Kindred: online gambling adoption will be coronavirus silver lining


kindred-group-coronavirus-online-gambling-silver-liningNordic online gambling operator Kindred Group wants the investment community to remember how young and virile they were before the stupid coronavirus came along and spoiled things.

On Thursday, the Stockholm-listed Kindred issued an update on “the initial impact of COVID-19” on its operations. Citing the “exceptional circumstances” and the need to ensure that Kindred is “well capitalized for future investment opportunities,” the company is now recommending no 2019 dividend be paid to shareholders.

Kindred, the parent company of Unibet, will publish its official Q1 financial figures on April 24 but the company said it estimates revenue will come in between £247m-252m (up from £224.4m in Q1 2019). Kindred says sports margins were up 2.5 points to 12.2% prior to “the disruption of sports in the middle of March” as the COVID-19 pandemic took hold.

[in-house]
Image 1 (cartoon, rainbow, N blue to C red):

Like some other operators, Kindred said the reduced sportsbook turnover was “partially compensated by solid growth in revenues from other products.” Nonetheless, daily average revenue from March 16-31 was around £2.2m, 10% lower that the daily average throughout 2019.

Kindred CEO Henrik Tjärnström boldly predicted that the COVID-19 impact on the company’s operations would be “temporary, with sports activities gradually resuming during or after the summer.” Tjärnström said Kindred would adjust its marketing spend accordingly, while also reducing costs and delaying certain investments while it rides out this storm.

Tjärnström also offered a potential silver lining to the corona-clouds, in that “social and behavioural changes that are already happening will accelerate the migration from offline to online,” with Kindred poised to reap the benefits. Or, you know, global unemployment remains in double-digit territory for an extended period and nobody has anything remotely resembling discretionary income, but tomato, tomahto.

Kindred’s shares were down 4.4% to SEK33.24 at the close of Thursday’s trading, a far cry from the SEK58.50 at the start of the year but a far sight better than their March 19 low of SEK23.02 (which came after Sweden’s gambling regulator hit the company with a record SEK100m fine for alleged bonus offer abuse).

Like many other operators, some of Kindred’s senior management used the temporary depression of its stock price to boost their holdings. Chairman Anders Ström recently added 330k shares at a total cost of SEK6.9m, boosting his Kindred stake to 3%.